Glass Processing AdvancesThe new machines feature a patent-pending laser cut initiation tool (LCIT)-a critical advancement in glass processing technology. It creates the break initiation stress defect in the glass edge by ablating a precisely controlled amount of material from the surface to create the defect. Unlike mechanical cut initiators, which break chunks of glass out of the surface and cause uncontrolled surface and sub-surface stresses, as well as particle debris, the LCIT is clean. The laser's ablative action creates an area of "engineered stress" in the glass that makes the break not only more predictable, but also easier to start.
Several parameters are controllable on the LCIT that do not exist with mechanical cut initiation tools. Mechanical tools wear with use, their points become blunt, and the geometry of the defect they create changes. This results in deteriorating defect uniformity, which leads to poor and unpredictable splitting. The LCIT never changes geometry, on its own, through wear or damage. It remains completely the same 100% of the time. Should the defect geometry need to be adjusted for some special purpose, this can be achieved by changing the lens characteristics to create the required defect shape. The defect geometry cannot be changed with mechanical systems with any degree of accuracy or reliability.
Mechanical cut initiation tools rely on mechanisms to meter the force with which the tool impacts the glass surface in order to create the defect. Impact pressure and tool point geometry are the primary determinants of defect quality. It is almost impossible to implement a system of measurement and feed back control that can compensate for wear, aging and non-linearities inherent with these mechanisms. The LCIT, on the other hand, is a non-contact method. The energy delivered to the glass to create the defect is a focused beam of heat. It is constant, consistent and easy to calibrate to deliver a precise amount of energy to a precise point on the glass and create a precise defect, time and time again.
Thermal Stress GenerationThe carbon dioxide chill jet (patent pending), or CO2J, is another major advance in thermal stress generation for Micro-Crack creation. The conventional method relied on a compressed air jet containing atomized water (to improve heat uptake) or other exotic gases, which can be costly, in order to quickly remove the heat that was applied by the laser cutting beam as part of the process. These methods are generally sufficient in performing the task, but with moisture-sensitive components, the humidified compressed air is not efficacious.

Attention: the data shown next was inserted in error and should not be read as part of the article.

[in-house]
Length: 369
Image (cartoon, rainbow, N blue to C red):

Alternatively, other appropriate cooling gases are relatively expensive consumables and may not be available in the required quantities on the factory floor. CO2, however, is a common industrial gas and is available in the manifold as part of the standard gases used in high-tech manufacturing. Generally these include CDA (clean dry air), vacuum, chilled water and CO2. CO2's heat uptake is excellent for this process type and it is relatively inert at processing temperatures. In addition, it contains no water and therefore will not contaminate moisture-sensitive components.
Accurate Laser ScribingThe new machines also have the capability to operate with an accuracy and repeatability of I1.0 micron. For the FPD industry, this means that substrate splitting can be done as few as 5.0 microns from surface features. The ability to hold this level of accuracy permits manufacturers to use more glass real estate, save on material costs and fabricate more densely populated displays.
Resistance to Heat DistortionThere has long been a need for a high temperature vacuum plate that would resist thermal distortion in high volume production lines. After numerous experiments on many alloys, it was discovered that titanium is the best all-around material for this component. Titanium is strong, very hard and can withstand very high temperatures without being subject to distortion and thermal degradation.
New Structural DesignThe new machines are designed in an "inverted L" shape to provide a more stable platform on which to mount the lasers. Their minimum cantilever design minimizes the moment of inertia of the optical head, preventing most resonant vibrations from affecting position. This means that the lasers will hold their positions much more accurately and are more immune to the effects of mechanical shock, vibration and displacement due to operator inattention. The "inverted L" also minimizes the footprint of the machines, allowing them to occupy less space on the production floor. Additionally, the lasers are mounted vertically, making them less likely to sustain damage.
For More InformationFor more information about the laser splitting machines, contact PTG-Precision Technology Group, 100 Technology Park, Lake Mary, FL 32746; (407) 804-1000; or fax (407) 804-1002.
*The SBM Series, based on PTG's Zero Width Cutting Technology, or 0WCTR.